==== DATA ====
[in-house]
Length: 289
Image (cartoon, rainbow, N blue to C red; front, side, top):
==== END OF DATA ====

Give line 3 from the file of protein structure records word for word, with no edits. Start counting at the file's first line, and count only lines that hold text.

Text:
Image (cartoon, rainbow, N blue to C red; front, side, top):